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Judges 6:30-32, Can Baal Act for Himself?



We saw a variety of verbs used to express the concepts of destruction or searching out in 6:26-30.  What is interesting is that in these verses for today, especially v 31, we will see the threefold appearance of the same verb in Recension B, while Recension A varies the verb.  Let’s quickly review the variety of verbs, especially for destroying and for searching out, in the two recensions of 6:25-30.


Destruction of altar and grove:


v. 25, Recension A καθαιρέω— demolish/tear down; ἐκκόπτω—cut down/cut off

         Recension B καθαιρέω— demolish/tear down; ολεθρεύω—destroy

v. 28, Recension A  κατασκάπτω—demolish/destroy; ἐκκόπτω—cut down/cut off

         Recension B  καθαιρέω— demolish/tear down; ολεθρεύω—destroy


v. 30 has the townspeople also talk of the subject, and they use similar verbs:

         Recension A  κατασκάπτω—demolish/destroy; κόπτω—cut down

         Recension B  καθαιρέω— demolish/tear down; ολεθρεύω—destroy


Searching for Gideon


v. 29 Recension A ανετάζω—examine; ἐκζητέω—search out/search

        Recension B επιζητέω—search for; εραυνάω—search for.


                                         The Discussion over Gideon’s Fate


Gideon follows the Lord’s command and demolishes the altar of Baal and cuts down the grove of nearby trees. Next morning all hell, figuratively speaking, breaks out because the men of the area find out what has happened to their altar and grove.  Verse 30 presents their response:


καὶ εἶπαν οἱ ἄνδρες τῆς πόλεως πρὸς Ιωας ἐξάγαγε τὸν υἱόν σου καὶ ἀποθανέτω ὅτι 
τὸ θυσιαστήριον τοῦ Βααλ καὶ ὅτι ἔκοψεν τὸ ἄλσος τὸ ἐπ᾽ αὐτῷ.


“And the men of the city said to Ioas, ‘Bring out your son, and let him die because he has destroyed the altar of Baal and cut down the nearby grove.’”


Though it never states how the men of the city got their intelligence (did they force, or cajole, one of the 10/13 to tell?), they are united in wanting Gideon’s death. Destruction of their god’s altar is a capital offense.  The next verse, v 31, presents a most interesting collection of thoughts about “justice,” with Recension A using three different verbs while Recension B uses the same verb three times.  Recension A:


καὶ εἶπεν Ιωας πρὸς τοὺς ἄνδρας τοὺς ἑσταμένους ἐπ᾽ αὐτόν μὴ ὑμεῗς νῦν δικάζεσθε 
περὶ τοῦ Βααλ ἢ ὑμεῗς σῴζετε αὐτόν ὃς ἀντεδίκησεν αὐτόν ἀποθανεῗται ἕως πρωί εἰ 
ἔστιν θεός αὐτὸς ἐκδικήσει αὐτόν ὅτι κατέσκαψεν τὸ θυσιαστήριον αὐτοῦ.


“And Ioas said to the men who were standing about him, ‘Will you make a judgment/act as judges concerning Baal’s matters? Or do you think you can save him? Whoever takes on the judgment of him/joins a suit against him (Gideon)—let him die in the morning. If he (Baal) indeed is a God, he will exact vengeance on him because he (Gideon) demolished his (Baal) altar.” 


Recension B has different forms of the same verb δικάζω in the three places where the δικ root appears in Recension A.  The translation of Recension B is similar: “Are you going to judge on Baal’s behalf? or will you save him (the future is used here while the present appears in Recension A)? Whoever brings a judgment against him (Gideon), let him die in the morning (because)  If he (Baal) is God, let him (Gideon) be judged by him (Baal), because he (Gideon) has destroyed his (Baal’s) altar.”  Note all the “he’s” in the last part of the verse in Recension B. At first they are hard to sort out, but should be read consistently with Recension A.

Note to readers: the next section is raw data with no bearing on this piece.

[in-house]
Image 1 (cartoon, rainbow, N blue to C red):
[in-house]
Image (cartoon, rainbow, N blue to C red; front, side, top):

The point of this interesting legal encounter is that if Baal is indeed a god, he can defend his own interests.  He doesn’t need humans to intervene for him.  This is a classic argument used elsewhere in the Old Testament against the power of idols.  They just stand there; they can’t harm anyone. It must mean they are impotent. So the same argument is used here. If Baal were powerful, he would defend his name.  Mere humans can’t “save” a deity. Note that the argument stays on the theological level—let Baal show his power, rather than on the personal or emotional level (‘He is my son, after all…’).  But Ioas wouldn’t have been the first, nor last, parent to use theological arguments to pursue very emotion-laden concerns.  Here he supports his son in this rather destructive act instead of supporting his companions.  Perhaps he does this a bit out of lingering guilt for “mixing” the worship of Yahweh with that of the local deity.


This part of the narrative ends with a kind of memorializing statement (verse 32):


καὶ ἐκάλεσεν αὐτὸ ἐν τῇ ἡμέρᾳ ἐκείνῃ Δικαστήριον τοῦ Βααλ ὅτι κατέσκαψεν τὸ 
θυσιαστήριον αὐτοῦ

“And he called it in that day ‘The Courthouse/Tribunal of Baal’ because he had demolished his altar.”


Recension B is fairly different:  “And he called it in that day ‘Jarbaal,” for he said, ‘Let Baal be judged in it because his altar was demolished.”


By the time we arrive at this point in the narrative we have a seemingly insignificant person chosen to lead the Israelites. His first act of obedience to the Lord is defended by his father.  But now the real tests will begin.

Judges 7:1-8

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